Byte, November 1979, page 15
Creative Computing, vol. 5, no. 11, November 1979, page 7
Creative Computing
, vol. 6, no. 2, February 1980, page C2

More Color


Compare the built-in features of leading microcomputers with the Atari personal computers. Arid go ahead, compare apples and oranges. Their most expensive against our least expensive: the ATARI® 400™.

Start with graphics capabilities. The ATARI 400 offers 128 color variations. 16 colors in 8 luminance levels. Plus 29 keystroke graphics symbols and 8 graphics modes. All controlled from a full 57 key ASCII keyboard. With upper and lower case. And the system is FCC approved with built-in RF modulator.  That's just for openers.

Now, compare sound capabilities. Four separate sound channels and a built-in speaker. With the optional audio/digital recorder, you can add Atari's unique Talk & Teach™ Educational System cassettes.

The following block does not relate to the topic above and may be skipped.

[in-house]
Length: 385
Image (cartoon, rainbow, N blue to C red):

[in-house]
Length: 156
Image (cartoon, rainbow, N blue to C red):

Here's the clincher: Solid state (ROM) software. For home management, business and entertainment. Or just plug in an Atari 10K BASIC or Assembler language cartridge and the full power of the computer is in your hands.

Memory? 8K expandable to 16K. And that's just for the ATARI 400 at a suggested retail of only $549.99.

The ATARI 800™ gives you all that and much more.

User-installable memory to 48K.  A full- stroke keyboard.

With a high-speed serial I/O port that allows you to add a whole family of smart peripherals. Including up to four individually accessible disk drives. And a high speed dot-matrix impact printer. And, the Atari Program Recorder is included with the 800 system. Suggested retail price for the ATARI 800 (including recorder) is $999.99.

Make your own comparison wherever personal computers are sold. Or, send for a free chart that compares the built-in features of the ATARI 400 and 800 to other leading personal computers.


1265 Borregas Ave. Dept. C, Sunnyvale, California 94086. Call toll-free 800-538-8547
(in Calif. 800-672-1404) for the name of your nearest Atari retailer.

© Atari 1979
A Warner Communications Company

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Scans by Michael Current, January 2007